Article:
With the recent headlines screaming about shark attacks off the coast of Florida, many people have reignited their interest and their fear of these great and terrifying beasts. One woman actually lived among them for a few weeks and got to gaze firsthand into the depths of shark-infested waters off the coast of Northern California. The end result is one of the best books this reviewer has read in the last several years – a veritable thrill-ride into the world of the mighty Great Whites.
Susan Casey, development editor of Time, Inc., and editor of Sports Illustrated Women, is also a writer whose work has appeared in several top magazines. But this adventurous woman had an even bigger dream, and she did not want to die without ever fulfilling it. That dream led her to the tiny and desolate Farallon Islands just off the coast of San Francisco, to a world so vastly different from life on the mainland. Casey got to ride along on a seventeen-foot Boston Whaler and venture into the eerie and often deadly world of shark researchers, biologists who spent half the year holed up on an island almost as deadly as the sharks they were studying.
Casey, along with biologists Peter Pyle and Scot Anderson, spent time with a handful of interns and other researchers on a desolate island, living in a 120-year-old house with little in the way of resources, just so they could get up close and personal with some of the world’s most misunderstood creatures – Great White Sharks. The Devil’s Teeth actually refers to the Farallon Islands, caught in a primordial time warp where often the weather threatens to kill you before the hungry sharks do. But for this game author, no amount of terrible weather or lack of decent provisions could keep her from fulfilling her dream of running with the sharks, and the end result is a book that you simply cannot put down.
From page one, we are caught up in the author’s adventure, and her passion and determination carries her, and the reader, through numerous near-fatal attacks, whether from shark, gale force winds, or even the frightening paranormal experiences she and the others experience on the remote island. Casey almost dies several times, and we are right there with her, getting the blow by blow account of every shark attack, every destructive storm, and more than a few human mishaps that cause things to go awry for everyone on The Shark Project.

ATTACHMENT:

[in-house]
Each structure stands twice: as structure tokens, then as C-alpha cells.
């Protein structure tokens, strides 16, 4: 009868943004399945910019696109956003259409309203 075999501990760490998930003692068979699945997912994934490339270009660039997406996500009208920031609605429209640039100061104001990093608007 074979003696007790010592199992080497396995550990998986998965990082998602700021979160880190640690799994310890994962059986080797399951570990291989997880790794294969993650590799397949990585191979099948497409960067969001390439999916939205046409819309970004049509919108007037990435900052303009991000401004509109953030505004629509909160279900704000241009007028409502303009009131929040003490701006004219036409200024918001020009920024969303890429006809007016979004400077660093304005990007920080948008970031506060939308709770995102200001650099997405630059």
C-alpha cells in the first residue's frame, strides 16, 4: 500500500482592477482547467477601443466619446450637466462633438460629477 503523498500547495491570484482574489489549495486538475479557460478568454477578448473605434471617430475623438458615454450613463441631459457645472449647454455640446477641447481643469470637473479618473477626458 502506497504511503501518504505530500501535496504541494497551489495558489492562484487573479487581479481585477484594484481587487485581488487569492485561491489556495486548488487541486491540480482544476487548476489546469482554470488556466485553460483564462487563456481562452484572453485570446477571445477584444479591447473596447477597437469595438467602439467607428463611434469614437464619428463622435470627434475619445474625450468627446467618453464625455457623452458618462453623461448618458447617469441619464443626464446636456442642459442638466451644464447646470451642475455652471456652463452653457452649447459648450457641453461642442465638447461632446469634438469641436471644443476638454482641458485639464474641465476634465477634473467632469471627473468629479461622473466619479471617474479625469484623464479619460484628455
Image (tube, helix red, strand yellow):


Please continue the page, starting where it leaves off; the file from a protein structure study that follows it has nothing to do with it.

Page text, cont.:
The massive sharks are the center of attention, although the author shares center stage many times with detailed and harrowing accounts of her experiences on the whaler and on the Farallon Islands few humans even know exists. There is plenty of scientific research and biological information about sharks and other sea and birdlife distinctive to the Farallons, and plenty of history of the utterly fascinating islands themselves, founded on the blood, sweat and tears of the egging industry that struggled to tame the wild and vicious natural setting. There is even some chilling detail into the dumping of toxic nuclear waste in the area in the 1970s, and how that waste has been all but ignored over the decades, despite evidence of it having entered the food chain.
But mostly there is just plain outstanding storytelling, and the fact that it all really happened makes it a true page-turner just waiting to be snapped up by some savvy movie producer.
The Devil’s Teeth is exciting and educational, but most of all it is inspiring. It is about a woman living among sharks, and it is about sharks and their habits and behaviors. And it is about an amazingly wild and undiscovered place right off the coast of California, where the world seems to stand still and nature strives to perform only for itself. But it is also about a woman who dared to go out on a limb and live out her ultimate dream, no matter if it killed her. And for Susan Casey, it almost did.